The “EXCELerator” fellowship funded Khemia for a light installation commission, and an album release tour in the Midwest. Following the “EXCELerator” fellowship, Khemia also received the Enterprise grant, and received travel assistance for their debut performance in New York City at National Sawdust this May.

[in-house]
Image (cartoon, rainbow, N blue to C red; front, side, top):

Beyond the extensive assistance, guidance, and funding from EXCEL, Carolina mentions some of the challenges that were faced in executing plans for the ensemble, and how they were overcome. “There were millions of challenges, and once we overcame them, new ones appeared; in many cases, overcoming the challenges pushed us to a better place,” she exclaimed. “Our current challenges are mostly related to distance. For the last two years, as members of Khemia graduated from school, we began full time jobs at different universities spread throughout the States (University of Missouri, University of Tennessee Martin, Penn State University, Lawrence Conservatory of Music) or started a vibrant freelance career in a complete new location. This brought new logistical and funding challenges for every performance, residency, and workshop we needed, but made us completely restructure the way we operated.” Though the group has faced challenges—even to this day—Carolina describes how Khemia is formed by people who are talented beyond just their artistry: they demonstrate a plethora of talent in their constant collaboration and efforts to foster teamwork. “What keeps us together is the deep admiration we feel for one another and how much we enjoy creating and performing together, we are a group of passionate individuals and we drive on each other’s artistry, accomplishments, and energy. In terms of administration, our manager Chelsea Tinsler Jones (also our percussionist) is doing an incredible job at navigating this transitional stage of relocation. We are all excited to continue building our organization,” described Carolina.